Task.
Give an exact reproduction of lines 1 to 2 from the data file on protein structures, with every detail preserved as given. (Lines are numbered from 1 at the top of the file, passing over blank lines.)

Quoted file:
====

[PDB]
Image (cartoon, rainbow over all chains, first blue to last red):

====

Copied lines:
[PDB]
Image (cartoon, rainbow over all chains, first blue to last red):